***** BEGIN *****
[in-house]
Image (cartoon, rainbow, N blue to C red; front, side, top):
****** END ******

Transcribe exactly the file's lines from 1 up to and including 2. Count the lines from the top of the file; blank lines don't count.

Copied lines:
[in-house]
Image (cartoon, rainbow, N blue to C red; front, side, top):